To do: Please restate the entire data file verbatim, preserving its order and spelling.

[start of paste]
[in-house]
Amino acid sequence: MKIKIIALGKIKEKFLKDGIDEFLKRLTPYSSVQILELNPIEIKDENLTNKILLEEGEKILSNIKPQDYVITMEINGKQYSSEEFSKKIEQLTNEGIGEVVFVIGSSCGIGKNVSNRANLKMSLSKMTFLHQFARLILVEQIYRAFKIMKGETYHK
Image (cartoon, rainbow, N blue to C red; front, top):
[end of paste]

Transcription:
[in-house]
Amino acid sequence: MKIKIIALGKIKEKFLKDGIDEFLKRLTPYSSVQILELNPIEIKDENLTNKILLEEGEKILSNIKPQDYVITMEINGKQYSSEEFSKKIEQLTNEGIGEVVFVIGSSCGIGKNVSNRANLKMSLSKMTFLHQFARLILVEQIYRAFKIMKGETYHK
Image (cartoon, rainbow, N blue to C red; front, top):